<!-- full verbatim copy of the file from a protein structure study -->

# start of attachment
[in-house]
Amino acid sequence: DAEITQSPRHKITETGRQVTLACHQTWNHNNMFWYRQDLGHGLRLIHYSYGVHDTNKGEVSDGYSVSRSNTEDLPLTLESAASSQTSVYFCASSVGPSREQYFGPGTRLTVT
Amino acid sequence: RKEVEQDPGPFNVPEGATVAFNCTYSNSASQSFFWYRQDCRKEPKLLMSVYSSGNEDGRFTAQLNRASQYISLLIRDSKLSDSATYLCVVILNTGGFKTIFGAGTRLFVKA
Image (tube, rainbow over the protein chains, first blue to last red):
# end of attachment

[in-house]
Amino acid sequence: DAEITQSPRHKITETGRQVTLACHQTWNHNNMFWYRQDLGHGLRLIHYSYGVHDTNKGEVSDGYSVSRSNTEDLPLTLESAASSQTSVYFCASSVGPSREQYFGPGTRLTVT
Amino acid sequence: RKEVEQDPGPFNVPEGATVAFNCTYSNSASQSFFWYRQDCRKEPKLLMSVYSSGNEDGRFTAQLNRASQYISLLIRDSKLSDSATYLCVVILNTGGFKTIFGAGTRLFVKA
Image (tube, rainbow over the protein chains, first blue to last red):